To Itskov, who made his money in the Russian Internet media business, the isolated achievements of inventors like Ishiguro are not enough. He wants to create a movement, involving governments and the United Nations, to work toward a common goal.

“We shouldn’t just observe the wonderful entrepreneurs â€1/8 we need to move ahead systematically,” Itskov said in an interview. “We are really at the time when technology can affect human evolution. I want us to shape the future, bring it up for public discussion, and avoid any scenario that could damage humanity.”

Itskov says he tries to eliminate his “selfishness” day by day, and has spent about $3 million promoting his vision. He organized the first conference on the theme in Russia last year.

But in bringing the idea to the U.S., a cultural difference is apparent: Itskov’s desire for a shared, guiding vision for humanity does not mesh well with the spirit of the American high-tech industry, which despises government involvement and prizes its freedom to pursue whatever projects it wants.

Space entrepreneur and X-Prize Chairman Peter Diamandis articulated that spirit at the conference; the freewheeling capitalist system, he said, is one of the strongest engines for effecting change.

“The rate of change is going so fast â€1/8 I do not believe any of our existing government systems can handle it,” he said.

Archbishop Lazar Puhalo of the Orthodox Church in America, who has a background in neurobiology and physics, offered another critique at the conference.

“A lot of this stuff can’t be done,” he said.

If it can be done, that’s not necessarily a good thing either, the robed and bearded patriarch believes.

“I’m not too fond of the idea of immortality, because I think it will be deathly boring,” he said, with a twinkle in his eyes. Giving up our bodies could also be problematic, he said.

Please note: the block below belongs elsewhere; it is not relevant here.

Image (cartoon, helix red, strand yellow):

“There’s a lot of stuff in them that makes us human. I’m not sure they can be built into machines,” Puhalo said.

Itskov acknowledges that his vision would leave part of the human experience behind. But he believes it would be worth it.

“We’re always losing something for what we’re doing. We’re always paying,” Itskov said.

The Age of Stupid ( Full Movie )


The year is 2055. The Earth is devastated. One man (Oscar® nominee Pete Postlethwaite, The Usual Suspects, Clash of the Titans) remains in “The Global Archive,” a vast storage facility protecting all of humanity’s collective achievements.

Based on mainstream scientific projections from the present day, THE AGE OF STUPID focuses on the archivist as he tries to work out why we didn’t save ourselves while we still had the chance. He flips through a startling array of news clips, interviews and scientific reports from our current time, each its own warning sign of the destruction that is looming if we don’t change our current consumption practices.

From the director of McLibel and the producer of the Academy Award®-winning One Day in September, the fresh, fast-paced and often hilarious THE AGE OF STUPID continues to break all the rules of independent film distribution—including smashing the world record for the largest live film event when its global premiere reached over a million viewers in 63 countries.